[ Parent ]

  •  There may be another reason for opposition (1+ / 0-)
    Recommended by:

    The size of the tax cannot be the primary objection -- it is far too small.  However, consider the mechanism necessary to collect it.  Each trade would have to be reported to the government, even if it were exempt from the tax.

    There is a lot of sllimy methods on wall street that the perps would not like the government or the public to know about.  I suggest this would be the biggest reason for opposition.

    Bene Scriptum, Bene Intellectum.

    by T C Gibian on Mon Feb 11, 2013 at 11:44:47 AM PST

  •  This tax would be trivial for anyone but (2+ / 0-)
    Recommended by:
    Liberal Of Limeyland, elwior

    financial instituions, day traders and the massively wealthy if they churn their assets continuously. It might hurt those brokers that are constantly pushing clients to flip their assets frequently. The tax might make financial markets a bit more secure.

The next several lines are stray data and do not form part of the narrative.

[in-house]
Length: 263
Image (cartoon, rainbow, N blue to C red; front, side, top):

They should go for a transaction tax at the European rate though I cannot imagine it passing.

    We have only just begun and none too soon.

    by global citizen on Mon Feb 11, 2013 at 12:10:07 PM PST

  •  It is worth mentioning (3+ / 0-)

    the 11 EU members that now will proceed with the Tobin Tax (and who chickened out).

    11 EU states to introduce tax on stock trades

    The countries planning to introduce the tax include the eurozone's top four economies, Germany, France, Italy and Spain. Austria, Estonia, Belgium, Greece, Portugal, Slovakia and Slovenia are also on board. The group of states decided to move ahead after attempts to adopt a trading tax at the EU and eurozone-wide level failed in 2011.